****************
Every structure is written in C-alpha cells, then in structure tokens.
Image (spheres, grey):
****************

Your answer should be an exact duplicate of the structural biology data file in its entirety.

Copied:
Every structure is written in C-alpha cells, then in structure tokens.
Image (spheres, grey):